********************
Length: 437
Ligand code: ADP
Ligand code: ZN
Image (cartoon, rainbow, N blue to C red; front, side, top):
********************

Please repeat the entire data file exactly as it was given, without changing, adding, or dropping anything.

Length: 437
Ligand code: ADP
Ligand code: ZN
Image (cartoon, rainbow, N blue to C red; front, side, top):